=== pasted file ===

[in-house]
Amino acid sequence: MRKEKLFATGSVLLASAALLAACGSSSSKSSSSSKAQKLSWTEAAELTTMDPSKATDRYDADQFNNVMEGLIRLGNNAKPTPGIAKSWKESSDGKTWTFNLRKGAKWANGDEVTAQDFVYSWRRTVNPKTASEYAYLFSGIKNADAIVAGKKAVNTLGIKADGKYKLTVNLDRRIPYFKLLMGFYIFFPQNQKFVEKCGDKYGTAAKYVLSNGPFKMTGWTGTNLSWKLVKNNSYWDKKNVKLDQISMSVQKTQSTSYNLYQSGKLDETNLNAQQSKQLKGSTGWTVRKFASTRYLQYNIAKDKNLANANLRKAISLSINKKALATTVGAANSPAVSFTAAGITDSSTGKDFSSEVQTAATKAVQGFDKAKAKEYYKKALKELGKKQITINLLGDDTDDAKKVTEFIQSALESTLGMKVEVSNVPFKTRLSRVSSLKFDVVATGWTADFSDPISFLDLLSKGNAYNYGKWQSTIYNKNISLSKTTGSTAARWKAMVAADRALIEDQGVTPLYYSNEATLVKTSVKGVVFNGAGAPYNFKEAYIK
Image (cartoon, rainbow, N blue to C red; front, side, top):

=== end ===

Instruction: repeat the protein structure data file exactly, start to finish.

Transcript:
[in-house]
Amino acid sequence: MRKEKLFATGSVLLASAALLAACGSSSSKSSSSSKAQKLSWTEAAELTTMDPSKATDRYDADQFNNVMEGLIRLGNNAKPTPGIAKSWKESSDGKTWTFNLRKGAKWANGDEVTAQDFVYSWRRTVNPKTASEYAYLFSGIKNADAIVAGKKAVNTLGIKADGKYKLTVNLDRRIPYFKLLMGFYIFFPQNQKFVEKCGDKYGTAAKYVLSNGPFKMTGWTGTNLSWKLVKNNSYWDKKNVKLDQISMSVQKTQSTSYNLYQSGKLDETNLNAQQSKQLKGSTGWTVRKFASTRYLQYNIAKDKNLANANLRKAISLSINKKALATTVGAANSPAVSFTAAGITDSSTGKDFSSEVQTAATKAVQGFDKAKAKEYYKKALKELGKKQITINLLGDDTDDAKKVTEFIQSALESTLGMKVEVSNVPFKTRLSRVSSLKFDVVATGWTADFSDPISFLDLLSKGNAYNYGKWQSTIYNKNISLSKTTGSTAARWKAMVAADRALIEDQGVTPLYYSNEATLVKTSVKGVVFNGAGAPYNFKEAYIK
Image (cartoon, rainbow, N blue to C red; front, side, top):